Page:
Lao workers’ rights not upheld, labour official says

VIENTIANE (Vientiane Times/ANN) - Laos needs to increase understanding about the protection of the rights and interests of the country’s workers, a workshop for the sector heard on Tuesday.

Many workers are not sufficiently protected and are employed in unsafe workplaces with unregulated sanitation and hazardous conditions because authorities fail to uphold their rights and benefits under the Law on Labour.

Workers often do not understand their rights or role in society, but simply keep working to maintain a meagre existence.

Speaking at the workshop, Director General of the Labour Management Department under the Ministry of Labour and Social Welfare, Mr Phongsaysack Inthalath, said the government wanted more workers to make use of legal services concerning their rights but most were unable to access such services.

He said the workshop played an important role in supporting low income workers because many of these workers still do not enjoy sufficient protection under the law.

He also called on all labour authorities to be effective role models and strengthen the discipline of members working in government agencies, to prevent damaging behaviour such as corruption, bribery, violations of the law, laziness in the workplace, and absenteeism.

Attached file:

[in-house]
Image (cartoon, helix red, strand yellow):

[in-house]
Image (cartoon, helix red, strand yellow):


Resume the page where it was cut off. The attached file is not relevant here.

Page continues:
“Labour authorities are important in helping to protect workers’ rights in line with government policies because this will allow workers to collectively bargain and obtain a fair share of benefits and be given security against risks to employment and wages,” Mr Phongsaysack said.

For several years, these workers have not had their rights upheld and have not been able to bargain with their employers or local authorities as they don’t know how to go about this.

Mr Phongsaysack said increasing numbers of workers are unfairly treated by their employers and businesses but the extent of the problem was difficult to judge as the government didn’t have exact statistics.

At present, 90 percent of Lao workers not employed in factories are continuing to work for businesses and in occupations without sufficient protection of their rights under the Law on Labour.

According to the Lao Federation of Trade Unions, many challenges remain in upholding workers’ rights given that trade unions have been established in only 30 percent of the 124,870 private businesses in the country.

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